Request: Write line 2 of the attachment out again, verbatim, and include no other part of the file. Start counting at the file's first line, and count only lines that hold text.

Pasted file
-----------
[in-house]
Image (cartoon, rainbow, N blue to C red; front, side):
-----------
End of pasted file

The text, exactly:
Image (cartoon, rainbow, N blue to C red; front, side):